One of Vancouver’s park commissioners says he fears a decision by the park board to look into three public golf courses and see if they should be changed to parkland is just a prelude to selling off the land altogether.
“I’m still very concerned about repurposing the golf course into a park and then removing parcels of the park,” John Coupar said.
His response to the board’s decision Monday night to analyze how well the golf courses are being used was to issue a notice of motion for the next meeting, asking for the board to “develop strategies and legal means to insure that parks and green spaces are protected in perpetuity.”
The Vancouver park board has a mandate to protect the city’s green space. But out of the city’s more than 200 parks, only Stanley Park is truly protected, he said. All the others can be removed from the city’s inventory with two-thirds majority votes from city council and the park board, Mr. Coupar said.
“I think our parks really require more protection than that,” he said.
His notice of motion is a response to fellow park commissioner Aaron Jasper’s successful motion for city staff “to compile and report back usage and revenue metrics” for three public golf courses – Fraserview, McCleery and Langara.
Mr. Jasper’s motion passed after heated debate and the addition of an amendment, which stated that current golf course land would not be used for housing.
Park board chair Sarah Blyth said she voted in favour of the amended motion.
“So we’ve made that commitment,” she said. “That was our commitment all along.”
Mr. Jasper said he wants the board to conduct a review of the public golf-course operations so they can determine the best use for the land. It could mean keeping the current 18-hole golf courses with improvements to management, downsizing the courses to add spots for playing fields, or other potential solutions, he said.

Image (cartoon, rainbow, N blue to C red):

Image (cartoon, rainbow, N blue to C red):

“The intent here was never to set up a discussion or open the door for any of the golf courses – or any park land – to be sold off for condo development,” Mr. Jasper said.
“I think [Mr. Coupar’s] motion is a bit of political grandstanding,” he said, adding that this administration’s actions have not threatened the board’s mandate to protect the public parks.
Mr. Coupar, who voted against the majority, isn’t convinced that is true.
“I was very concerned … that this motion to look into the golf course metrics was the first wedge into parks by Vision Vancouver,” said Mr. Coupar, who is affiliated with NPA.
Paul Faoro, president of the union representing the city’s golf-course employees, said he is troubled by how the original motion’s message has been warped. He said he supports Mr. Jasper’s motion to explore opportunities for growth and improvement within the golf courses.
“This has been charged politically,” he said. “There is some deliberate attempt to whip up this issue and make it a wedge issue.”
The motion does not address closing the golf courses or condo development, he said, which he does not believe the city would do.
But Mr. Coupar said “these things tend to happen in steps over time.
“I think you always have to be very wary of the first steps.”
The board meets next on July 17.
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